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National Weather Service Adds New Colors So It Can Map Harvey’s Rains

The colors a National Weather Service uses to uncover rainfall on a continue map couldn’t paint a torrent in southeastern Texas — so a NWS combined dual some-more purple shades to a map. The aged scale surfaced out during some-more than 15 inches; a new extent tip 30 inches.

The pierce came as forecasters advise of continued inundate dangers and refurbish flood totals from what a NWS is job “unprecedented” rainfall from Tropical Storm Harvey, that done landfall as a Category 4 charge late Friday.

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In a note about a change, a continue group pronounced on Monday, “Some viewpoint on a volume of rainfall that Tropical Storm Harvey has put down opposite Southeastern Texas and Southwestern Louisiana. We’ve had to refurbish a tone charts on a flood graphics in sequence to effectively map it.”

While a aged scale used 13 colors from light immature to dim purple to etch flood from 0.1 in. to larger than 15 inches, a new one resets that dim purple tone to imply 15-20 inches of sleet — and tacks on dual some-more lighter shades of purple to imply 20-30 inches and “greater than 30 inches.”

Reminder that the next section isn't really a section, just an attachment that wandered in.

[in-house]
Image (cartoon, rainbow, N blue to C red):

Sadly, those new levels are not hypothetical, as many residents along a center Texas seashore and internal areas can attest. And complicated rainfall is foresee to continue this week.

What We're Hearing In Texas: Residents Discuss Harvey's Floods

Nearly 40 inches of sleet have depressed nearby Dayton, Texas; during slightest 15 other areas also available rainfall nearby or above 30 inches, according to a sovereign Weather Prediction Center’s total that it expelled around midday Monday.

Over a past 72 hours, some-more than a dozen locations in 5 counties have all available sleet estimates above 30 inches, a NWS bureau in Houston reports.

In Houston, rainfall set a new daily record Sunday, with 16.07 inches reported during a city’s categorical airport. On Saturday and Sunday, a NWS said, some-more than 2 feet of sleet (24.44 inches) fell.